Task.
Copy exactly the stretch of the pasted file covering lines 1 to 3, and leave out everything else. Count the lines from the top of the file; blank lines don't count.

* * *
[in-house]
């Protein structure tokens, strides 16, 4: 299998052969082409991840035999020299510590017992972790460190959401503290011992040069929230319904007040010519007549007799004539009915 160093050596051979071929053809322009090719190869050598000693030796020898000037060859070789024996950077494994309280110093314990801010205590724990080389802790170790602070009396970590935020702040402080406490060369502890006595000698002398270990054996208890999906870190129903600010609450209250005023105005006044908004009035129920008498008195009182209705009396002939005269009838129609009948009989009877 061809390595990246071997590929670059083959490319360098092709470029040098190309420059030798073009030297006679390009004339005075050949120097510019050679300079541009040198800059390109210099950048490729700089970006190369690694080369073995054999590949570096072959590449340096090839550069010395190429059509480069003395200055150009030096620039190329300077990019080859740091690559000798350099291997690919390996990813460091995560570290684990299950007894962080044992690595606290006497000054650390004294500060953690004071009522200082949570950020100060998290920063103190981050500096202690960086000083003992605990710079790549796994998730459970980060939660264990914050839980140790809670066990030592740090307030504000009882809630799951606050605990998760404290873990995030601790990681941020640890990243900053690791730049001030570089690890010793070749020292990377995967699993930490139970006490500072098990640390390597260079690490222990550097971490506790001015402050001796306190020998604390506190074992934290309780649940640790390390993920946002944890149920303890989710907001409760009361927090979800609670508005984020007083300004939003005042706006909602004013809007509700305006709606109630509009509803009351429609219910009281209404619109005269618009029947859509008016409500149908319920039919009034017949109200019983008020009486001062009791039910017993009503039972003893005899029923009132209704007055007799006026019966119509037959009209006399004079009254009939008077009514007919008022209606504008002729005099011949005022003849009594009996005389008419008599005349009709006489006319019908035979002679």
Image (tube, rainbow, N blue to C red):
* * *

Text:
[in-house]
């Protein structure tokens, strides 16, 4: 299998052969082409991840035999020299510590017992972790460190959401503290011992040069929230319904007040010519007549007799004539009915 160093050596051979071929053809322009090719190869050598000693030796020898000037060859070789024996950077494994309280110093314990801010205590724990080389802790170790602070009396970590935020702040402080406490060369502890006595000698002398270990054996208890999906870190129903600010609450209250005023105005006044908004009035129920008498008195009182209705009396002939005269009838129609009948009989009877 061809390595990246071997590929670059083959490319360098092709470029040098190309420059030798073009030297006679390009004339005075050949120097510019050679300079541009040198800059390109210099950048490729700089970006190369690694080369073995054999590949570096072959590449340096090839550069010395190429059509480069003395200055150009030096620039190329300077990019080859740091690559000798350099291997690919390996990813460091995560570290684990299950007894962080044992690595606290006497000054650390004294500060953690004071009522200082949570950020100060998290920063103190981050500096202690960086000083003992605990710079790549796994998730459970980060939660264990914050839980140790809670066990030592740090307030504000009882809630799951606050605990998760404290873990995030601790990681941020640890990243900053690791730049001030570089690890010793070749020292990377995967699993930490139970006490500072098990640390390597260079690490222990550097971490506790001015402050001796306190020998604390506190074992934290309780649940640790390390993920946002944890149920303890989710907001409760009361927090979800609670508005984020007083300004939003005042706006909602004013809007509700305006709606109630509009509803009351429609219910009281209404619109005269618009029947859509008016409500149908319920039919009034017949109200019983008020009486001062009791039910017993009503039972003893005899029923009132209704007055007799006026019966119509037959009209006399004079009254009939008077009514007919008022209606504008002729005099011949005022003849009594009996005389008419008599005349009709006489006319019908035979002679």
Image (tube, rainbow, N blue to C red):